Sue L’Orsa, glider technician
Students and trainees come to the Ocean Tracking Network (OTN) from a variety of backgrounds. The majority of former co-op students on the glider team, having undertaken honours or graduate studies as part of OTN, have found careers in the growing field of autonomous environmental monitoring.
How did you come to work for the OTN glider team?
I started volunteering with OTN, researching international welfare standards for fish. I also assisted the field team by servicing gear and tagging Atlantic salmon. Later, I was introduced to the glider group and the rest is history.
What do you enjoy most about gliders?
I’ve enjoyed learning how gliders work and how they’ve been designed to maximize efficiency in a marine environment. The individual parts of a glider are quite simple, but when combined, they make an impressive exploration tool. And while the technology isn’t really new, the use of it is.
With whom, and how, do you collaborate?
Gliders are part of several research initiatives. We’ve been working closely with Fisheries and Oceans Canada (DFO) from the beginning, collecting data along the Halifax Line—OTN’s first and longest line of acoustic receivers—as part of the DFO Atlantic Zone Monitoring Program. These data are also used by OTN researchers for ocean modelling and to provide environmental context for animal-tracking research.
In Cape Breton, we work with DFO, Emera Inc. and harvesters to track snow crab in the Cabot Strait, which are integral to local fisheries and livelihoods.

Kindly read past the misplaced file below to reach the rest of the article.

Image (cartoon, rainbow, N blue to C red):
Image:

Together with the MEOPAR Whales Habitat and Listening Experiment (WHaLE), we also equip gliders with echosounders and hydrophones to identify feeding grounds and migration routes for whales, including the endangered North Atlantic right whale.
Our glider group was one of Canada’s first, so we’ve gained a lot of experience with gliders and now work with newer groups across the country to familiarize them with the technology.
Describe the benefits of using glider technology to collect animal-movement data.
Gliders are key to providing data and environmental context for animal tracking—they can detect tagged animals, actively monitor areas where detections have been heard, and observe changes in the ocean climate.
Why are gliders an important tool for ocean scientists?
The benefits of research gliders are huge—they’re cost effective, environmentally friendly and provide high-quality data. They can be out 24 hours a day for months at a time during bad weather and in areas that can be difficult to access. Where most new ocean monitoring technology is a step, gliders are a leap.
What aspects of glider work would surprise people?
Glider work is not limited to deployment and retrieval—we work with scientists to design mission objectives, plans, and risk assessments. Before every mission, we collect data on currents, active fisheries in the area, vessel traffic, potential weather events and solar input. People are often surprised that we can pilot gliders from any place with an internet connection. Some missions require 24-hour-a-day piloting, but I’ve also piloted from a smartphone on the road while travelling across the country.